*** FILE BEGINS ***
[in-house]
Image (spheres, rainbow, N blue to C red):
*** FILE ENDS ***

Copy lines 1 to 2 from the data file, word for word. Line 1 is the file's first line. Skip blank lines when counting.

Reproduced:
[in-house]
Image (spheres, rainbow, N blue to C red):